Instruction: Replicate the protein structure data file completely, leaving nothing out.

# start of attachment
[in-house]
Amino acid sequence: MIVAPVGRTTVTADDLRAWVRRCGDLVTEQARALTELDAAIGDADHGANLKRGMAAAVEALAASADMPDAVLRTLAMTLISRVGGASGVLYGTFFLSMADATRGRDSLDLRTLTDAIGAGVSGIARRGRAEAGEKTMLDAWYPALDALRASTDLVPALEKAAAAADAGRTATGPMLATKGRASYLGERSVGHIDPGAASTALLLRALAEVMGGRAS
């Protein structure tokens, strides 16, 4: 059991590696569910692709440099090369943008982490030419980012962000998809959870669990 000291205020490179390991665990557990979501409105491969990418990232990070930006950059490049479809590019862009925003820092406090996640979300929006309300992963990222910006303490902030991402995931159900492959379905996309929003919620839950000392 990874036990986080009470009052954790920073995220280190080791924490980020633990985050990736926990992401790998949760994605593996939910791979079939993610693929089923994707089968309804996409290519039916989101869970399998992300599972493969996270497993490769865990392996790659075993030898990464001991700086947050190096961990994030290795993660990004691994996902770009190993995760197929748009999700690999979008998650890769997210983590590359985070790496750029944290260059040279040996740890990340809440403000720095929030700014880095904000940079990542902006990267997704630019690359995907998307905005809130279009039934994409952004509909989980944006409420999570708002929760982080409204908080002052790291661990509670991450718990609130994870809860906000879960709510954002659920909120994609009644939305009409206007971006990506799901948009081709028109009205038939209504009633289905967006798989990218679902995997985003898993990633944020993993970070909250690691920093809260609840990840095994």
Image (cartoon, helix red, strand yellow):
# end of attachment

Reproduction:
[in-house]
Amino acid sequence: MIVAPVGRTTVTADDLRAWVRRCGDLVTEQARALTELDAAIGDADHGANLKRGMAAAVEALAASADMPDAVLRTLAMTLISRVGGASGVLYGTFFLSMADATRGRDSLDLRTLTDAIGAGVSGIARRGRAEAGEKTMLDAWYPALDALRASTDLVPALEKAAAAADAGRTATGPMLATKGRASYLGERSVGHIDPGAASTALLLRALAEVMGGRAS
């Protein structure tokens, strides 16, 4: 059991590696569910692709440099090369943008982490030419980012962000998809959870669990 000291205020490179390991665990557990979501409105491969990418990232990070930006950059490049479809590019862009925003820092406090996640979300929006309300992963990222910006303490902030991402995931159900492959379905996309929003919620839950000392 990874036990986080009470009052954790920073995220280190080791924490980020633990985050990736926990992401790998949760994605593996939910791979079939993610693929089923994707089968309804996409290519039916989101869970399998992300599972493969996270497993490769865990392996790659075993030898990464001991700086947050190096961990994030290795993660990004691994996902770009190993995760197929748009999700690999979008998650890769997210983590590359985070790496750029944290260059040279040996740890990340809440403000720095929030700014880095904000940079990542902006990267997704630019690359995907998307905005809130279009039934994409952004509909989980944006409420999570708002929760982080409204908080002052790291661990509670991450718990609130994870809860906000879960709510954002659920909120994609009644939305009409206007971006990506799901948009081709028109009205038939209504009633289905967006798989990218679902995997985003898993990633944020993993970070909250690691920093809260609840990840095994």
Image (cartoon, helix red, strand yellow):